Apparently, two extensions already exist: Google Mail Checker and BuildBot Monitor. Mail Checker keeps an eye on your Google Mail, displaying the number of messages in your inbox on the Google Chrome toolbar. BuildBot keeps track of the current status of the Chromium build, and notifies you when a newer build is available for download.
According to Siegler, installation is a breeze: “Installing these extensions is a breeze. You click the “Install” link, the file downloads, you click to run it, it asks if you’re sure you want to install the extension, you say “yes”, and you’re done. There is no need to restart Chrome/Chromium, they work right away.” Unlike Firefox it’s load and go. And Siegler reports that Chrome extensions don’t, yet, slow down the browser, like they do in Firefox.
As your library of Firefox Add-ons continues to grow, so does the worry that a system crash will wipe out your carefully assembled collection of extensions. To quell this fear, all you have to do is download just one additional add-on that will ensure your extensions say safely backed up in a folder on your computer or portable storage device. FEBE (Firefox Environment Backup Extension) is a worry-free backup system that will preserve your highly-customized Firefox settings in the case of a crash.
Speed? Check. Minimalistic interface? Check. Better tab management, pretty good standards support, and support for third-party extensions? Check, check, and, well, not yet. But if Google's latest developer preview version of its Chrome browser is any indication, extensions will soon be supported as a standard feature.
"We're ready for a few more people to start using extensions - the kind of adventurous people who populate the dev channel," said Aaron Boodman, the Google engineer who oversees the extensions work.
Google recently began supporting extensions in developer versions of Chrome, but you had to input a command line switch. With the latest preview version of Chrome on Windows, however, extensions are supported by default.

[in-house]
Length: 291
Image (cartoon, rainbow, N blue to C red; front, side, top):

The lack of extensions support has been a major criticism of Chrome ever since it launched, but with support seemingly right around the corner, Firefox users will be faced with a tough dilemma: Switch to Chrome, which has superior tab stability but a smaller library of extensions, or ride it out with Firefox in anticipation of version 4.0, which will also treat tabs as separate processes.
Question for the Firefox users: Would you switch to Chrome if it supported extensions? Hit the jump and tell us why or why not.
Just a few months ago, we could have summed up the browser wars in single word: BORING! That's not to say we haven't appreciated the new features that accompany each new release of Mozilla's Firefox and Microsoft's Internet Explorer, but the results and the competitors always remained the same. It's become far too easy to predict how each new round will go - Firefox will add new features, get a little faster, and inch ever so closer in market share, while each new IE release will suck a little less than the last and continue to be the most widely used browser on the planet. At least in the chip wars, AMD and Intel have taken turns putting the smackdown on one another accompanied by the occasional trash talk.
It took a surprise release by an unlikely newcomer to finally get us excited about the future of browsers again. Google's Chrome seemingly came out of nowhere and has the potential to turn what has been a stale two-man scuffle into a three-way battle royal. Along with greater stability, Chrome's claim to fame is that it can render web pages faster than the competition, and indeed a recent benchmark comparison has pegged Chrome as the new speed king. But in order for anyone to truly take Chrome seriously, Google has to put extension support at the forefront of development, and it appears they're doing exactly that.
Hit the jump to see what Google is doing to add extensions to Chrome, and how it will differ from Firefox.